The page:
And feather canyons everywhere

I’ve looked at clouds that way

Joni Mitchell wrote Both Sides Now in 1967, and it was a big hit for Judy Collins the following year. Mitchell’s version is from her album Clouds, 1969. 

A Night in Frank Duffs

At the top of Main Street, just across from the Town Hall, is one of Bray’s finest pubs, Frank Duff’s. It’s my local, being closest to my house, exactly 1.3 km to be precise. That’s a fifteen minute walk, though longer returning.

The name bears no relation to the Frank Duff who founded the Legion of Mary and championed the destruction of Monto Town, Dublin’s red light district in the 1920s. The reference is to the Frank Duff who set up shop here with wife Sheila in the 1940s. Their son, Ken, inherited the business in the late seventies. When Ken died in 2017, his sister Madeleine, ran the business for four years. Covid effectively shut the pub down. As a food free zone it didn’t qualify for the restricted opening of other premises over the lockdown period. The Duggans, owners of several premises in Bray, including the Harbour Bar and the Martello, took over in 2021. 

During the Duff years the pub ignored such unnecessary distractions as food, piped music and television. It was all for a few drinks and a chat. The ideal local, so. More eccentrically, the pub rejoiced in a cycling theme, from the time the Tour de France came to Bray in 1998.

Shay Elliott was the focus of commemoration for the Wicklow cycling fraternity. Elliott was born and raised in Crumlin, in Dublin 12, and was a cycling pioneer in Ireland. He was the first Irishman to particiate in the Tour, and in 1963 became the first English speaker to wear the Yellow Jersey of race leader, which he held over three stages. He returned to Ireland, and became involved in Bray Wheelers, coaching new talent in the sport. He died in May 1971, from shotgun wounds, and was buried at St Mochonog’s Church, Kilmacanogue, near Bray. A monument to him was erected in Glenmalure, just south of Glendalough. It is a glorious spot to contemplate Wicklow’s mountain scenery.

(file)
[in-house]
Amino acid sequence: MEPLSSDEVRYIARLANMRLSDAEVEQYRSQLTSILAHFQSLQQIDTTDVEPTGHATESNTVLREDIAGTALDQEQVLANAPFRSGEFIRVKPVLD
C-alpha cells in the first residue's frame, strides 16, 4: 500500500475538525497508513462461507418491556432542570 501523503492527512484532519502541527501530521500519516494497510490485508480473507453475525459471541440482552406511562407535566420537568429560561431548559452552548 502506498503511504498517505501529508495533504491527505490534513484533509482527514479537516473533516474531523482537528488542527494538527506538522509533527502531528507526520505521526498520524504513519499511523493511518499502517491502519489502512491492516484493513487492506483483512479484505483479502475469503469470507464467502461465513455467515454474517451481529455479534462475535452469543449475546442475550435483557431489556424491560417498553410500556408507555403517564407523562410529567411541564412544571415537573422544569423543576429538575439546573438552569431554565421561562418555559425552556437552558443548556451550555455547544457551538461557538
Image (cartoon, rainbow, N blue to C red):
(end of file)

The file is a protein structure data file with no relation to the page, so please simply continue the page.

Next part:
Refurbished for its reopening, the premises has been divided along traditional bar and lounge lines. Television made its first appearance at Duffs in the old style, dark wood bar, while the lounge kept to the ancient tradition of banning the haunted fishtank. I am more often found in the lounge, to the rear of the premises where there’s a fire and high stools.

That’s the setting for this acrylic. It captures a moment in time, as friends debate the finerpoints of music, art, philosophy and football. A modest amount of drink has been consumed, though more may follow. We sit at the high table, while other clients are arrayed on armchairs and couches, bathing in the glow of warm lamps and an open fire. I am looking towards Main Street, hoping to catch the eye of a friendly staff member, more than likely, and let my comrades solve the problems of the world.

A Diner in Naas

This acrylic shows the interior of Eddie Rocket’s diner in Naas, County Kildare. Naas is taken from the Gaelic Nás na Rí, meaning the meeting place of the kings. It was a walled market town in medieval times and became the civic centre for County Kildare. The modern town has a population of over twenty thousand.

Naas to me is synonymous with road travel. I frequently passed through on my journeys to the south west until the town itself was bypassed by the N7/M7. Lawlor’s Hotel at the northern end of Main street was an occasional stop for refreshments and entertainment. In the seventies we followed the band Horslips who played there. It was fifteen miles from Walkinstown, about an hour’s round trip. 

Eddie Rocket’s is just around the corner. It’s an Irish restaurant chain founded in 1989. the Naas branch, one of forty outlets across Ireland, is an extensive two storey premises. A splash of Americana, with chrome and neon and red, red leatherette, you’re stepping back into rock and roll days but in a safe bubble of twenty first century comfort. The burgers are great and the service too. 

On a recent visit, I took my reference from reflections in the plate glass window by the entrance. There’s a dreamlike quality to the scene, a sense of being in a projection of a period film. There are two worlds on the canvas, our real world beside the imaginary or ephemeral. The viewer may sense that beyond that beautiful vision of the film of our lives, lies the vast blackness of night.